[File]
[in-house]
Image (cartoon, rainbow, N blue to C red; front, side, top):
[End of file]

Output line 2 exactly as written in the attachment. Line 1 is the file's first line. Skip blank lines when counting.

Image (cartoon, rainbow, N blue to C red; front, side, top):